It’s Cyber Security Awareness Month again. Every October, ACSC (Australian Cyber Security Centre) remind us to do due diligence on the basics of good security, from managing emails (and dodging those nasty attachments and dubious links) to raising awareness of some ingenious scams.
It’s no surprise that cybercriminals have realised the weakest link in any business’s defences is its people, and they haven’t hesitated to exploit this knowledge. Due to the critical nature of the role they play, your accounts payables team need to be more aware – and more protected – than ever.
So, here’s a quick recap on what you can do to raise your cyber defence game.
Cyber fraud can be internal and external, so don’t just focus on the idea of anonymous guys in hoodies sitting in dark rooms. It can be much closer to home.
According to the Association of Certified Fraud Examiners (ACFE) 2022 Report to the Nations, the average organisation loses 5% of its annual revenue to fraud each year and experiences a median loss of $117,000 before the deception is detected. 12% of these frauds occur in the accounting department, by company employees.
Along with other good advice, the online Australian publication Accountants Daily suggests segregating duties as a simple but effective accounts payable control. This can help prevent your employees from using their access and control to perpetrate fraud in the ordinary course of their responsibilities.
Stay password secure
Creating and remembering complex passwords is a pain, as is jumping through the hoops of Multiple-factor Authentication (MFA) when you just want to get stuff done. They slow you down and can be outright annoying.
However, common sense dictates that both are necessary in today’s world. The privacy of your private and business data (from contact details to payroll to payables) depends on you and your team.
It’s critical to ensure that all staff members practice good password hygiene, including a unique password for each system. Don’t be amongst the 66% of people who use the same passwords everywhere, for everything - despite knowing it’s poor practice.
Never use a sticky note or notebook to record your passwords – choose and use a reputable password manager solution to generate, store and encrypt them (check out the best for 2022 here).
Ensure your team knows what to look out for. Knowledge is power, but (unlike passwords) only if shared!
Cybercriminals are using increasingly sophisticated social engineering scams to successfully impersonate business executives and vendors to convince accounts employees to make payments to their bank accounts. More often than not, an unwary accounts person wouldn’t question an urgent payment request made by the CEO via email and respond quickly and efficiently. As you can imagine, it’s pretty near impossible to recover those funds.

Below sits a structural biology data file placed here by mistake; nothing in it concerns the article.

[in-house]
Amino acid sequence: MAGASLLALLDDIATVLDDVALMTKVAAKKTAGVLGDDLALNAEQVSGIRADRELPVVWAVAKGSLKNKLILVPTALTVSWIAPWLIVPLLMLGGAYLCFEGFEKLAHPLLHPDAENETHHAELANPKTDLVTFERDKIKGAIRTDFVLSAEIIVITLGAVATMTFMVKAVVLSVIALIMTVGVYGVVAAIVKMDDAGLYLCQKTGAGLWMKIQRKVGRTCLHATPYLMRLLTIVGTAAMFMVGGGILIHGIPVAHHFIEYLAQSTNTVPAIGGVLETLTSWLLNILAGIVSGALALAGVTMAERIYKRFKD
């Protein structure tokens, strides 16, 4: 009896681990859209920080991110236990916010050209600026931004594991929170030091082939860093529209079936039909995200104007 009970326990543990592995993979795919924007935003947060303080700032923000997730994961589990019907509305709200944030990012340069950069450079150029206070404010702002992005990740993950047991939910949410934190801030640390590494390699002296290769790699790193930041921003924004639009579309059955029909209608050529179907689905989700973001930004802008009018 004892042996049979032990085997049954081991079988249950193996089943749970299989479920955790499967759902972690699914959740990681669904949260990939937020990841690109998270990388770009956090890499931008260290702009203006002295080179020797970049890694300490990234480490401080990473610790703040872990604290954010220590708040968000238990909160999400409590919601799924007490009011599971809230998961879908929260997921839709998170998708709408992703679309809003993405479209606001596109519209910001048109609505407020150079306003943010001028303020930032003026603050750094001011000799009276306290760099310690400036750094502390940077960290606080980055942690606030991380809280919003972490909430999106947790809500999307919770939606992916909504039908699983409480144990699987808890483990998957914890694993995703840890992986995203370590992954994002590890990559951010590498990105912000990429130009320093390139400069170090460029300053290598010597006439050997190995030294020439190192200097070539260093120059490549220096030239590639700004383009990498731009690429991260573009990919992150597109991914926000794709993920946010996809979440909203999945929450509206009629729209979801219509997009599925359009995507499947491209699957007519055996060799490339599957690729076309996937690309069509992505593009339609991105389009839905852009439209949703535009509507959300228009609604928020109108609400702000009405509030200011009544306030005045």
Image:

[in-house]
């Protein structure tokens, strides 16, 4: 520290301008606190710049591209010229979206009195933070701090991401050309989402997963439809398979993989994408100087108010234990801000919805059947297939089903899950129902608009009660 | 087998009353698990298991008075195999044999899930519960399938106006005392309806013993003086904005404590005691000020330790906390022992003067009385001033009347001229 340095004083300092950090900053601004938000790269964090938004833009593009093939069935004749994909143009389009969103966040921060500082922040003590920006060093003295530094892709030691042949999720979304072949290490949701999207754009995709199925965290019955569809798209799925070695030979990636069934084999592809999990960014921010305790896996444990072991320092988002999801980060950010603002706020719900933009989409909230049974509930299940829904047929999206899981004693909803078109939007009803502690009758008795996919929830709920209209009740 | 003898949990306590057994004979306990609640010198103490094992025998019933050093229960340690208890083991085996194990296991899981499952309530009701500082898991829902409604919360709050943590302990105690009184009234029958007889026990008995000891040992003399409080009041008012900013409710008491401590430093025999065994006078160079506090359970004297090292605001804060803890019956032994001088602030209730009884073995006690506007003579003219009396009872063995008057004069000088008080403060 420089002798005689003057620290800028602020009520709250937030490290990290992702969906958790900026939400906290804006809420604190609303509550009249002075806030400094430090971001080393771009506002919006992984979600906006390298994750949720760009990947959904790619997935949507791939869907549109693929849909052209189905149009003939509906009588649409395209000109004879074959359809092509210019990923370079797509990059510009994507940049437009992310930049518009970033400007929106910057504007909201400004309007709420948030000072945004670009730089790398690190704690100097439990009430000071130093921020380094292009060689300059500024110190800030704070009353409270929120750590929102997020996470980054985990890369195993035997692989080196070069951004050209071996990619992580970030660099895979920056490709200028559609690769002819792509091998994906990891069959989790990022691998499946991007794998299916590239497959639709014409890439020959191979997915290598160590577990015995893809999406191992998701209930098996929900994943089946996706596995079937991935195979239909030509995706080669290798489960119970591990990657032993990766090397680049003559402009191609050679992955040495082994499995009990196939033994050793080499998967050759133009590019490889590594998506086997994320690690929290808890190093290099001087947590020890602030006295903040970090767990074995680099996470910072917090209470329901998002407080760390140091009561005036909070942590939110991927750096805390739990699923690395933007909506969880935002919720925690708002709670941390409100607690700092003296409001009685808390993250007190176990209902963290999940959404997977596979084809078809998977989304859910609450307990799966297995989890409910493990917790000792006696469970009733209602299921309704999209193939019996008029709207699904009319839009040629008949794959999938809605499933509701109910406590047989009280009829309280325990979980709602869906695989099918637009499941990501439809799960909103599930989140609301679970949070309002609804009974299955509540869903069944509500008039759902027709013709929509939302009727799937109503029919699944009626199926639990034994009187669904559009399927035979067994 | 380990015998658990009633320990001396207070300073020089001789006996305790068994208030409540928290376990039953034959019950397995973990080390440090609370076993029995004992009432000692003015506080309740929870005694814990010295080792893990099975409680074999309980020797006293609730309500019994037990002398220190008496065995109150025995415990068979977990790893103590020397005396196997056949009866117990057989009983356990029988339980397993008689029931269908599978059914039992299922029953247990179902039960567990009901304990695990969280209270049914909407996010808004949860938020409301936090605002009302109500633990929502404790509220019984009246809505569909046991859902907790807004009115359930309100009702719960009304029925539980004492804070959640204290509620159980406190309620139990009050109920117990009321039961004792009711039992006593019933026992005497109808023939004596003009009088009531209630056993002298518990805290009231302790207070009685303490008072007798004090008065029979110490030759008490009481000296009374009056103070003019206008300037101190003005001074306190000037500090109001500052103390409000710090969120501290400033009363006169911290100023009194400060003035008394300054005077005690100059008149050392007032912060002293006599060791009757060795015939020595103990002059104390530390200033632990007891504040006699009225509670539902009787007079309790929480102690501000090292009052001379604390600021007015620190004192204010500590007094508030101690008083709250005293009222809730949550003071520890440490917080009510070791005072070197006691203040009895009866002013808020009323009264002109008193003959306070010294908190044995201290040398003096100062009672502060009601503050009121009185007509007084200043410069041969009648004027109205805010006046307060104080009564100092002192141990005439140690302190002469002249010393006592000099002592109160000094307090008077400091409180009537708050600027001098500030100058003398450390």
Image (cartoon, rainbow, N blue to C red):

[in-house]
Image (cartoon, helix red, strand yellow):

Payments can also be diverted by spoofed vendor emails providing new bank account details or a link to change banking information.
Sadly, we’re not talking about small change here. In one instance, the CFO and CEO of FACC, who supply parts to Airbus and Boeing, were targeted. A cybercriminal tricked a FACC accounting employee into transferring $87 million – yes - $87 million - to a foreign bank account for a fake purchase. Unsurprisingly, both senior executives were told to clear their desks after FACC concluded the 17-year veteran CEO had “severely violated his duties, in particular in relation to the ‘fake president incident’.”
Stay scammer savvy - automatically
If you’re a Redmap customer, you are already leveraging our AP Automation to minimise the fraudulent approval or mistaken payment of scammer-submitted invoices. So, pat yourself on the back!
With AP Automation, vendor invoices must match company purchase orders and any that vary or don’t have an order number enter an exception queue for individual scrutiny.
We blogged on this topic very recently, so if you missed it, check out how Redmap helps you reduce the risk of fraud.
Stay on top of your security software
While it won’t protect you from an insider or social engineering scam, security software is a non-negotiable for any size or type of business.
Essential tools include a next-generation firewall, antivirus software, domain name system (DNS) protection, endpoint detection and response solution, email gateway security, enterprise password management, and threat detection. The list goes on – so talk to your technology partner about what’s needed for your business.
Stay safe out there with these 5 best-practice controls
- Authenticate, authenticate, authenticate. Wherever able, set up Azure AD (Active Directory) / SAML (Security Assertion Markup Language) to authenticate with Redmap.
- Stay current. If using MyRedmap, ensure you have updated to the latest version. As cybercriminals get smarter with their attacks, we get smarter at defending your solution.
- Protect your data. If you have onsite integrations to upload data, ensure they're using TLS 1.2 to connect with our services. Check with us if you're unsure in any way.
- Secure your emails. Talk to your IT providers about setting DKIM/SPF/DMARC records on your email exchanges to validate the legitimacy of emails and push spam/phishing emails to junk or your trash.
- Don’t share. No reputable organisation – from telco to bank to your favourite AP Automation software partner – will ever ask for your access password. If they do, don’t provide it (or share it with a teammate). Ever.
Stay in touch
You can always rest assured that where we do have access to your systems with Redmap-specific accounts, your data is encrypted, and access is controlled. So, you can take that off your ‘to worry about’ list.
But if you’re not sure about any of the other controls we’ve suggested you need to implement, ask us. We’re happy to help.